DACA recipient hopes State of the Union visit continues to ‘spark dialogue’ about permanent relief

UNITED STATES - FEBRUARY 5: Rep. Gil Cisneros, D-Calif., and his guest for the State of the Union DACA recipient Miriam Tellez walk through Statuary Hall before President Donald Trump delivers his State of the Union Address to a joint session of Congress in the Capitol on Tuesday, Feb. 5, 2019. (Photo By Bill Clark/CQ Roll Call via AP Images)
DACA recipient Miriam Tellez Sorrosa and Rep. Gil Cisneros at the State of the Union.

Miriam Tellez Sorrosa said she was in awe about a lot of things during her visit to Washington, D.C., this week for Donald Trump’s State of the Union address, but sharing space with other immigrants and Americans like herself was definitely “one of the most magical things” about the evening. “I feel like that’s what America always strives to be: with the people and for the people.”

The Deferred Action for Childhood Arrivals (DACA) recipient was California Representative Gil Cisneros’ guest at the speech, becoming one of at least a dozen Dreamers that night to put a face on Trump’s anti-immigrant agenda. Tellez Sorrosa said she “was super excited to hear that there were going to be more DACA recipients attending and there was this moment where we were all in the same room. I was just like, ‘Yes.’”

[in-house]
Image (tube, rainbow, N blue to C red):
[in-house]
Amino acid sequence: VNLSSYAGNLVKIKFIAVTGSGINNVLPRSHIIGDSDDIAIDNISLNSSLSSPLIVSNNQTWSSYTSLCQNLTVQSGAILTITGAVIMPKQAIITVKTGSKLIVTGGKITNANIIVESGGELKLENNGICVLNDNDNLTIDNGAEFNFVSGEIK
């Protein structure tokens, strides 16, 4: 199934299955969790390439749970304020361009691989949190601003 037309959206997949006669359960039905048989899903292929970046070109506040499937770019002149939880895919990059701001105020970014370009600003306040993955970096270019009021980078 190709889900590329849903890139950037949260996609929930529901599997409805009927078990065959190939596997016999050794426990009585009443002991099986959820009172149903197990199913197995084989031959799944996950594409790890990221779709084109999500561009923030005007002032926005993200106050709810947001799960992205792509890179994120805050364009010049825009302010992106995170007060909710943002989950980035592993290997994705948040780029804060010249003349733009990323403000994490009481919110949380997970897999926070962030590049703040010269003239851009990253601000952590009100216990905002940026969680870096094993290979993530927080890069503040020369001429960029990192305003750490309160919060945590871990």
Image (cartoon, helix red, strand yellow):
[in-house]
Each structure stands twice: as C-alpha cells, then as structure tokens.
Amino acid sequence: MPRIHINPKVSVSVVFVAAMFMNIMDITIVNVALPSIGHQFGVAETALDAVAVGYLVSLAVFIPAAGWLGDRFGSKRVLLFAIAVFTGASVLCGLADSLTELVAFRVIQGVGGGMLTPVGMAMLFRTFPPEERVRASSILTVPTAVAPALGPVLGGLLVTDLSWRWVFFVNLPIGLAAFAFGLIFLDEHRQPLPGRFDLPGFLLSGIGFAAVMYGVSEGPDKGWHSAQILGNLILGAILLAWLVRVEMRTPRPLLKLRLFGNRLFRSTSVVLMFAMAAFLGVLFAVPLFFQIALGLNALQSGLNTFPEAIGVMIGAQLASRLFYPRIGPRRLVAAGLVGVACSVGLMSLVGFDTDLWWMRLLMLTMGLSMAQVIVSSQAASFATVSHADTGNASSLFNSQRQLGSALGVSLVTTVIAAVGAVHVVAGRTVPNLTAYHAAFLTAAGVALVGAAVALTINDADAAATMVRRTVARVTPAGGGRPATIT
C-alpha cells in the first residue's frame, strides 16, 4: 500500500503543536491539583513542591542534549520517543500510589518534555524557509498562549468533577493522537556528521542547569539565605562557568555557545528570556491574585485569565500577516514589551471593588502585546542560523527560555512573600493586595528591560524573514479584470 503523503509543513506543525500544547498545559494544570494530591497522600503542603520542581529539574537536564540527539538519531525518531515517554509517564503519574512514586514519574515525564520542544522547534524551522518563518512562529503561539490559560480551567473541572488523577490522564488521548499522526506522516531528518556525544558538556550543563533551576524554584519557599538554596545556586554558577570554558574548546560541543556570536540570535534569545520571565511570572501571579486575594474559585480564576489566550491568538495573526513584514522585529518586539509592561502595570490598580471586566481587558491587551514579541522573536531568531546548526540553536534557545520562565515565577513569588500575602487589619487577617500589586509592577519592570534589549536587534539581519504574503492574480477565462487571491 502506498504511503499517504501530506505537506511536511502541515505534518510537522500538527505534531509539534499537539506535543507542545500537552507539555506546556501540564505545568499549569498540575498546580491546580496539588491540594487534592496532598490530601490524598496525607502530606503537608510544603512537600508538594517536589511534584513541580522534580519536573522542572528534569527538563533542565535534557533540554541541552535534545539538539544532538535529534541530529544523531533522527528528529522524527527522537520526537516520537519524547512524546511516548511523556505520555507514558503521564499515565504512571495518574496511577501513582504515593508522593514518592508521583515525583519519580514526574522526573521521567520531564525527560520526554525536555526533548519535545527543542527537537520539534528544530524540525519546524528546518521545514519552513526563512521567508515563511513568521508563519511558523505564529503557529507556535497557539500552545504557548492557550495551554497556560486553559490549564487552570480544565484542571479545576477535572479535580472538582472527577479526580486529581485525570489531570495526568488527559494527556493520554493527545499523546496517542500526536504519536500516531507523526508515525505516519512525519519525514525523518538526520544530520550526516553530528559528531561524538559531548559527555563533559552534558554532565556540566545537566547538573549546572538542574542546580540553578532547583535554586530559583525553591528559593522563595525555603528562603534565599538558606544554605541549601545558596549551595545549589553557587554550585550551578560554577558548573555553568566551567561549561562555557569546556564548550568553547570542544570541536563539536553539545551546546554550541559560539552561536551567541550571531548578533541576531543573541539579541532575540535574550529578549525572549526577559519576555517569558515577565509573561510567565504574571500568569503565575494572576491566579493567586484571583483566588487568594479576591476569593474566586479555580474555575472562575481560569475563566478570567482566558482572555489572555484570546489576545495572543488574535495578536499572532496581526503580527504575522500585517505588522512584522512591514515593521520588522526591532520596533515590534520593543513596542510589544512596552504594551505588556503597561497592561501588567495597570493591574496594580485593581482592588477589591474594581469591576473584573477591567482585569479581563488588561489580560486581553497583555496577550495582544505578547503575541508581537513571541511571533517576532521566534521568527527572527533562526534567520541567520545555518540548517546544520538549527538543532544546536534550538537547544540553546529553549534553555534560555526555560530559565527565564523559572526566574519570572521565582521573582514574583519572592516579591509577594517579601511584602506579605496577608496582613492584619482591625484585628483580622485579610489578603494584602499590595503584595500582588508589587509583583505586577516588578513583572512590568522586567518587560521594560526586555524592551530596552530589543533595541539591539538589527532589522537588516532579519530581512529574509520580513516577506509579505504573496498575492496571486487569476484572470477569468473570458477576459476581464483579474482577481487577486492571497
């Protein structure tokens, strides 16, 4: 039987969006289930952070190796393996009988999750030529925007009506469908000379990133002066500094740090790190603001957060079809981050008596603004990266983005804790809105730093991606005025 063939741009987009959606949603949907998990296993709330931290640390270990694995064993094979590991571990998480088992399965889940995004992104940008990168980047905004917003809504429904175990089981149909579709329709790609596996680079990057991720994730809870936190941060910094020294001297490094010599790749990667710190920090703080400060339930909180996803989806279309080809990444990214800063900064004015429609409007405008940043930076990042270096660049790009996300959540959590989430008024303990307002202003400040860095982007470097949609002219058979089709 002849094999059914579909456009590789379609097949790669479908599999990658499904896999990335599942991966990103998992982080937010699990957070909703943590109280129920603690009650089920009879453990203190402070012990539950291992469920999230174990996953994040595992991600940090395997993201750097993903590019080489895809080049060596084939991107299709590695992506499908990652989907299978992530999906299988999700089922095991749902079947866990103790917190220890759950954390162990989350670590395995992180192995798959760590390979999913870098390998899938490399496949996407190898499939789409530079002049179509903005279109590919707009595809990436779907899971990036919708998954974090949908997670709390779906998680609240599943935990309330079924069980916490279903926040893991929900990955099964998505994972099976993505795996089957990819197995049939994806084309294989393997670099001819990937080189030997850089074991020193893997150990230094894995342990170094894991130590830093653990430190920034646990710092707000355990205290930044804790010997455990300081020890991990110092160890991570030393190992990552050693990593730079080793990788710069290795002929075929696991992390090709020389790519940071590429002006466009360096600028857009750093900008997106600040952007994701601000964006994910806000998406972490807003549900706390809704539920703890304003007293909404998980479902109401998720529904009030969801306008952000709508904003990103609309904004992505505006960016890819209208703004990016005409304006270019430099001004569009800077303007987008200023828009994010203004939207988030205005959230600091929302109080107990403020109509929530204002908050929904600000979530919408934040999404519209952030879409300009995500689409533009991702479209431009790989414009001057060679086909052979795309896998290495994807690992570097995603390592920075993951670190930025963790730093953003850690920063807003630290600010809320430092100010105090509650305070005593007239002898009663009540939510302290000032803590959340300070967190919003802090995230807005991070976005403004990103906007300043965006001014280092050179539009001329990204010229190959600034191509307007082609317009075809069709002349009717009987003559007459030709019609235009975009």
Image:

This is nothing new for Tellez Sorrosa, though. The California State University, Fullerton, student works in the school’s Titan Dreamers Resource Center, where she helps provide academic and emotional support to other undocumented immigrant youth. While she certainly serves in a mentor role for other immigrant youth, they share the same kind of uncertainty when it comes to the future of their DACA protections.

Still, Tellez Sorrosa said that she’s “definitely not as afraid” as she was before. “I have until 2020 with my permit. And that’s kind of my safety net, so I’m going to try to do as much as possible while I have DACA and I’m going to continue to advocate for something bigger that will just benefit not only the Dreamers, quote-unquote.” At the State of the Union, she wore a “Dreamer” sash “as a statement piece. I was hoping it would spark dialogue.”

While DACA appears to be safe for now, and former and current beneficiaries are being urged to renew their protections as soon as possible, in the long term, undocumented youth and their families need permanent protections—a pathway to citizenship. Tellez Sorrosa has done her part by following the rules to qualify and enroll in DACA. Now we must do our part. “This is her home; this is where she wants to make a difference, and we need to be embracing that,” said Rep. Cisneros.


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